U.S. public broadcaster PBS has unveiled the programming for Black History Month in February, including a number of specials and feature docs looking at a variety of historical events from the post-Emancipation era to the rise of the Black Power movement.
Among three new titles for the ‘Independent Lens’ strand will be Daisy Bates: The First Lady of Little Rock, premiering February 2, at 10 p.m. EST. The special tells the story of Bates’ life and her public support of nine black students who registered to attend the all-white Central High School in Little Rock, Arkansas.
Meanwhile, feature doc The Black Power Mixtape 1967-1975 (pictured above) will air February 9 at 10 p.m. The archival film is a compilation of interviews from leading African-American artists, activists, musicians and scholars filmed in the late 1960s and early 1970s, when Swedish television journalists came to America to document the burgeoning Black Power movement.
In More Than a Month, which premieres on February 16, at 10 p.m., African-American filmmaker Shukree Hassan Tilghman goes on a tongue-in-cheek, cross-country campaign to end Black History Month, investigating what the treatment of history tells us about race and equality in a “post-racial” America.
Elsewhere, Underground Railroad: The William Still Story, airing February 6 at 10 p.m., explores one man’s mission to help slaves escape to freedom. The program looks at the inner workings of the Underground Railroad through detailed records, diaries and other written accounts of the freedom seekers who made their way across the U.S. border to Canada.
Also featuring on the Black History Month slate is Slavery by Another Name, which is an official Sundance Film Festival selection for 2012. Premiering February 13 at 9 p.m, the doc is based on the Pulitzer Prize-winning book by Wall Street Journal senior writer Douglas A. Blackmon.
It examines the concept of “neoslavery,” which sentenced African-Americans in the post-Emancipation South to forced labor for violating an array of laws that criminalized their everyday behavior. Actor Laurence Fishburne narrates.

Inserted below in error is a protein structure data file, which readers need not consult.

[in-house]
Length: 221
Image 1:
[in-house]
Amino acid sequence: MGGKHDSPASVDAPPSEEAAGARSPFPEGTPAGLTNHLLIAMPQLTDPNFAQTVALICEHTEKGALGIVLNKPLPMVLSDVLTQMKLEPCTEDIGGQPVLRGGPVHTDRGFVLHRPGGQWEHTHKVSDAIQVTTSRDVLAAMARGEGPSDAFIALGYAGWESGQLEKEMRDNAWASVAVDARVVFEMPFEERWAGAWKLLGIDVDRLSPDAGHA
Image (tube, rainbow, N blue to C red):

On the ‘Frontline’ strand, Steve James’s multiple-award winning doc The Interrupters will premiere February 14 at 9 p.m. The film follows a group of former gang leaders in Chicago who try to “interrupt” shootings and protect their communities from the violence they themselves once committed.
Rounding out the season’s programming are three shows that highlight the artistic contributions of African-Americans: A ‘Great Performances’ special, Memphis, in which the original Broadway cast members of the 2010 Tony Award-winner for Best New Musical reprise their roles for a celebration of music; An Evening with Valerie Simpson; and an ‘American Masters’ special, Cab Calloway: Sketches, which profiles one of the first black musicians to tour the segregationist South and a regular performer at Harlem’s famous Cotton Club.
“Each year, PBS is committed to airing historically informative programming that not only pays tribute to the men and women who sacrificed so much for our nation, but who influenced change in the face of adversity,” said Donald Thoms, PBS VP of programming.
“We hope viewers will find PBS’ commemorative programming both enlightening and enjoyable, and we are excited to present some of these selections as part of our TCA Press Tour session.”
In addition to premieres, PBS will air an encore of Freedom Riders: American Experience on February 7, at 8 p.m. In mid-January, the network’s online Video Portal will also release a special collection for Black History Month 2012, featuring new and encore programming.